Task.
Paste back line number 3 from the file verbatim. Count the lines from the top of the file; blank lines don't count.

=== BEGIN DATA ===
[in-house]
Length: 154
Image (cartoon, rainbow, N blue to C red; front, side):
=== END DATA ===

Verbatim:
Image (cartoon, rainbow, N blue to C red; front, side):